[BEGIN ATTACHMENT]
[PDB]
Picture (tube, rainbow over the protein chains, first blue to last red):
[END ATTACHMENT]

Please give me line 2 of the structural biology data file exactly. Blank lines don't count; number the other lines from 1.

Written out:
Picture (tube, rainbow over the protein chains, first blue to last red):